May the Best Idea Win!

Coming up with the right decision in meetings is never easy. Especially when a group of passionate people is trying to decide on an innovative idea. If everyone opts for one big cuddly “love-in” then peer pressure might encourage people to “go along to get along,” resulting in dangerous ideas being adopted or the best idea being overlooked in favor of the safe group consensus.

And if your culture is too risk-adverse you’re in danger of choosing the safest ideas; too trigger-happy and you might overlook the risks. Similarly, if people are too content and happy with the status quo, people will lean towards safe ideas that don’t rock the boat (I’m looking at you Blackberry), whereas if you’re too impatient you may jump the gun on a wild idea before having thought it carefully through (I’m looking at you Justin Bieber and the makers of “new” Coke). There’s no question finding the best idea is often a balancing act – which may not even be the right term when you consider that the best ideas are often along the margins and not in the mushy middle ground associated bigstock-Bright-Idea-5453884with compromises.

Here are six things you can do to help improve the odds of the best idea seeing the light of day:

1. Acknowledge the inherent danger of groupthink and encourage ground rules that will promote honest and healthy debate that is focused on ideas and not on the personalities presenting those ideas.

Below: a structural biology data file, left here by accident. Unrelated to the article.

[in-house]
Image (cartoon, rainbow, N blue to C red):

2. Split larger groups into smaller subgroups of 2-3 people to encourage greater participation.

3. Assign a cooling off period before making any final decisions so that people have time to let things percolate after the meeting. (We’ve all been to meetings where 24 hours later you wonder why the heck you hadn’t thought of something else or why you didn’t speak up.)

4. Bring in an outsider (or 2 or 3) to offer a more unbiased, baggage-free opinion.

5. Assign the role of a court jester or contrarian to challenge, prod and provoke discussion and debate.

6. Keep things light!  Humor not only helps spark the creative process in numerous ways, it will keep emotions in check and diffuse tensions when the conversation heats up, which, if you’re on the right track, it most certainly will.

Michael Kerr, 2014. Michael Kerr is an award-winning international business speaker and very funny motivational speaker who travels the world researching, writing and speaking about inspiring workplace cultures and the role humor plays in driving results.

 

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